After months of hype, Windows 11 has a release date. Microsoft has announced that Windows 11 will be available on October 5th, both as a free upgrade for qualifying Windows 10 systems as well as new PCs shipping with the OS pre-installed.
Don't assume you'll get the upgrade on day one, though. This is a gradual rollout that will prioritize newer hardware and use "intelligence models" to determine who gets the upgrade first, including reliability and device age. All supporting machines will get the update by mid-2022, but this suggests you may be toward the back of the queue if you're using relatively old hardware. At least some shipping Windows 10 PCs will be on the fast track for Windows 11 updates, including models from Acer, ASUS, Dell, HP, Lenovo, Samsung and (of course) Microsoft.
Notably, though, Android app support won't be available on launch. Microsoft now only expects to introduce the feature in a Windows Insider preview build sometime in the "coming months." That's not completely shocking given the challenges of translating mobile apps to a mouse-and-keyboard experience, but this still means one of Windows 11's tentpole features won't be available for a long while.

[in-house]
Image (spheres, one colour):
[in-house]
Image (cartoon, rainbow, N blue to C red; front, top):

The new platform centers on a refreshed interface with a new Start interface, Snap Layouts, widgets and Teams integration. You'll also find a redesigned Microsoft Store that even lets third-party stores operate within its walls. Technology like DirectX 12, DirectStorage and Auto HDR also promise to help gamers.
This might not be Microsoft's smoothest launch, however. On top of the delayed Android feature, Microsoft sparked some confusion with relatively steep hardware requirements that have evolved over time and include demands for security features like TPM 2.0. Microsoft will technically let you install Windows 11 on unsupported hardware, but you might be denied updates unless you're willing to install new OS images on a frequent basis. Unlike Windows 10, then, you can't just assume your years-old computer will run this software without a hitch — there's a chance you'll have to upgrade your hardware first, even if it's still fast enough for your needs.